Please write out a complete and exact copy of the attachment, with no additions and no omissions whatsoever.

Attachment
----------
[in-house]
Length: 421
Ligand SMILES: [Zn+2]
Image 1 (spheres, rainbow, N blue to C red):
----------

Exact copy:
[in-house]
Length: 421
Ligand SMILES: [Zn+2]
Image 1 (spheres, rainbow, N blue to C red):